How Comcast Will Curb Hogs9/26/2008 8:00 PM Eastern
Comcast will use equipment from Sandvine, Camiant and a third yet-to-be-determined vendor to temporarily throttle back the speeds of the heaviest Internet users during times of network congestion.
The cable operator outlined the plans to migrate to a “protocol-agnostic” bandwidth-management technique by the end of 2008 in documents filed with the Federal Communications Commission Sept. 19. The company was responding to an FCC order that it stop specifically targeting peer-to-peer applications, and adopt a more neutral technique.
|Comcast’s new bandwidth-management technique will:|
|SOURCE: Comcast FCC filings
|Limit access speeds based on overall usage rather than specific protocols or applications.|
|Temporarily deprioritize traffic for subscribers who use an average of 70% or more of provisioned upstream or downstream bandwidth over a 15-minute period during network congestion.|
|Restore full service to those excessive users once usage falls below 50% of provisioned bandwidth for 15 minutes.|
“The goal of Comcast’s new congestion management practices will be to enable all users of our network resources to access a 'fair share’ of that bandwidth, in the interest of ensuring a high-quality online experience for all of Comcast’s [high-speed Internet] customers,” the company said in the filings.
Sandvine, in a statement last week, said terms of the agreement have not yet been finalized. Based in Waterloo, Canada, Sandvine demonstrated the Fairshare system at The Cable Show ’08 in May.
Comcast acknowledged that it currently uses Sandvine’s Policy Traffic Switch 8210 to limit the number of upstream connections for five P2P applications that consume an extraordinary amount of bandwidth: BitTorrent, Ares, eDonkey, FastTrack and Gnutella.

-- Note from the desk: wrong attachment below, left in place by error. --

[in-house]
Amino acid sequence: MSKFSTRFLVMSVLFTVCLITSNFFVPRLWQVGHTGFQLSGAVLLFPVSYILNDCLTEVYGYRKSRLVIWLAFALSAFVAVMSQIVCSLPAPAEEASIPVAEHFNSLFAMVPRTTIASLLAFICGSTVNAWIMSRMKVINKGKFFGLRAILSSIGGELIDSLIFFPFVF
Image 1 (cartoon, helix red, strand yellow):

Under the new technique, Comcast will use the vendor’s Fairshare tool to determine when a cable-modem termination system port is close to being congested.
In addition, the MSO said it will use Camiant’s PacketCable Multimedia servers to instruct a CMTS which specific modem should be curtailed.
A third component, an Internet-protocol detail record server, will analyze cable-modem volume usage. Comcast said it has not yet selected that vendor.
Comcast expects to cut over to commercial deployment of the protocol-agnostic systems starting Nov. 15, with its entire footprint converted by Dec. 31, according to its FCC filings.
In March, Comcast had said it would move to a protocol-agnostic approach by year-end.
The system will deprioritize bandwidth for “high-consumption” subscribers, which Comcast defined as ones who have used an average of 70% or more of his or her provisioned upstream or downstream bandwidth over a particular 15-minute period during times of network congestion. A user is removed from the penalty box once his or her usage falls below 50% of provisioned bandwidth for 15 minutes.
Comcast currently operates about 3,300 CMTSs, serving 14.4 million high-speed Internet customers. On average, the company said in the FCC filings, about 275 cable modems share the same downstream port and about 100 share the same upstream port.
Based on its trials of protocol-agnostic management platforms, Comcast said, fewer than one-third of 1% of subscribers have had their traffic priority status flagged for excessive consumption. For example, in its test in Colorado Springs, Colo., last month, an average of 22 users out of 6,016 total in the trial market were affected at some point during the day.
Comcast told the FCC it has yet to receive “a single customer complaint in any of the trial markets that can be traced to the new congestion management practices, despite having broadly publicized its trials.”